Most people when they think of Tamworth, think country music and the festival held each January. I’m not a lover of country music… other than a little Johnny Cash. When I think of Tamworth, it’s of being 17 years old, and the 2 years I spent at boarding school.
When I started at Calrossy TCEGS in 1982, I was 16, a small country town kid, and an only child. For a while my psyche was hijacked by bouts of homesickness: one minute I was happy, the next I was wracked with an awful displacement. Then it stopped.
The next thing that happened was I gained weight. I had been a 3 sugars in tea and coffee person but at home in Murrurundi I was incidentally and continually active. Boarding school life was predominantly confined to the buildings and grounds. Weekdays we had morning sessions of physical exercise. I played town comp basketball. We walked to “town”. That was it. I also ate a diet designed around what would cheaply & sufficiently, rather than nutritiously, feed a couple of hundred teenage girls, which we supplemented with food from home and anything we could sneak from the kitchen or dining room… Weet-Bix sandwiches of peanut butter & honey being a favourite.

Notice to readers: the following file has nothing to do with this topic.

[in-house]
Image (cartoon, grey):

I acclimatised surprisingly quickly, assisted by being only an hour from home. I saw friends and family regularly. I enjoyed school, the art room, activities, my classmates and teachers. Being a senior I had a certain amount of liberty to leave the grounds, especially in my final year. It was a first taste of freedom and life away from my family.
Boarding school is the same as any situation where people spend a lot of time together… in a relationship, home, workplace… The quote “High school is very intense for everyone. But at a boarding school, because you’re there 24 hours a day, everything gets magnified” sums it up. I made good friends & have only good memories, and at the end of the 2 years, my tears of sadness to be leaving bookended those first tears of homesickness.